Covent Garden Theatre Opens
The theatre now standing on the Covent Garden site is the third in its line – the previous two having been destroyed by fires in 1808 and 1856, such losses not being uncommon in British theatrical history.
Finance for the first theatre came fittingly enough from the success of John Gay ’s Beggar’s Opera, commissioned by the actor-manager of the Duke’s Company, John Rich. That piece had enjoyed a long and profitable run at the company’s previous home, the Lincoln’s Inn Theatre – helped doubtless by the fact that the company was one of only two officially sanctioned per letters patent given by Charles II to perform dramas in London (their rival company being based at Drury Lane ).
Edward Shepherd designed the new building, whose site was at that time an unusual mixture of Inigo Jones ’s piazza and church built 100 years previously where an old convent garden had once stood, and the fruit and vegetable market, an incongruous blend that with some changes remained until the latter part of the 20th century.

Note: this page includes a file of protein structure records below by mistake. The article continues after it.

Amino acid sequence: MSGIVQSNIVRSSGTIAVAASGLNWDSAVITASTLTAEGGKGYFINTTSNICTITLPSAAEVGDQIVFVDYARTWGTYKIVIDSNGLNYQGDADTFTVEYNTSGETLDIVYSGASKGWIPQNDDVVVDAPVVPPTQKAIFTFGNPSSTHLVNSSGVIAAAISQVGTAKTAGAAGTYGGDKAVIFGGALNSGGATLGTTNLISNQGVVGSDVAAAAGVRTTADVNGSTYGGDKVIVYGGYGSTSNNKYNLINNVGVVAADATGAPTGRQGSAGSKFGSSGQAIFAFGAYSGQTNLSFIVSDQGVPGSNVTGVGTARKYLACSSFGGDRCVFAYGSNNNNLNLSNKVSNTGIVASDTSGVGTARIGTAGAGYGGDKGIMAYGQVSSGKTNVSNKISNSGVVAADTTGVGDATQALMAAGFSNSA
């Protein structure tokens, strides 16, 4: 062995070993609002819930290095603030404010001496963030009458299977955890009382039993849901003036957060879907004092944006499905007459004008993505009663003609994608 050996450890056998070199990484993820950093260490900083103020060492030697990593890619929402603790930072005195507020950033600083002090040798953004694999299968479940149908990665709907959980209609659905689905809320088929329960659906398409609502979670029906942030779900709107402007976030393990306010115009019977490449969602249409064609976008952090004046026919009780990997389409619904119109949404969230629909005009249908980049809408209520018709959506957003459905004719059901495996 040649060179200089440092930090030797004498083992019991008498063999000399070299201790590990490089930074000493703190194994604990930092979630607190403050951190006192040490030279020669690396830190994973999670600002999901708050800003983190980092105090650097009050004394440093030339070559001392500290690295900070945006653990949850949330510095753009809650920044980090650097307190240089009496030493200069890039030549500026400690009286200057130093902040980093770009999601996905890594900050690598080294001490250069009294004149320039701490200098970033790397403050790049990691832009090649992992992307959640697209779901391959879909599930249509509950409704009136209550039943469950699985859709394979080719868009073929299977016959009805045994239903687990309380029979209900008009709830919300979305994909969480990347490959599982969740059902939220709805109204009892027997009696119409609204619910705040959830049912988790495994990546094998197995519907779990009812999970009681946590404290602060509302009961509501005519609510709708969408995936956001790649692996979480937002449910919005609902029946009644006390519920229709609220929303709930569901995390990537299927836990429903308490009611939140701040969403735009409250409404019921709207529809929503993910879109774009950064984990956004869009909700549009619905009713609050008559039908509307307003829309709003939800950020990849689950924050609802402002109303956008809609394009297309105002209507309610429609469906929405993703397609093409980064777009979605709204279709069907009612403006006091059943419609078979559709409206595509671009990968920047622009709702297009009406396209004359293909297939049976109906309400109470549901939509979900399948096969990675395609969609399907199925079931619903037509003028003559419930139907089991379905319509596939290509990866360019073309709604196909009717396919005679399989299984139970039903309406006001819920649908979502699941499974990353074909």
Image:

Rich put on Congreve ’s The Way of the World for the opening night, not a bad choice by way of a crowd-pleaser, but his colleagues didn’t wait for the audience’s verdict, carrying their chief in triumph into the theatre before the play began. They were proved right; the place succeeded, soon Handel debuting many of his operas there, the roots of the current theatre’s use.
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